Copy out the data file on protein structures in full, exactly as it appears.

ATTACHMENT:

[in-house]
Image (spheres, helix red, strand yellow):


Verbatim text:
[in-house]
Image (spheres, helix red, strand yellow):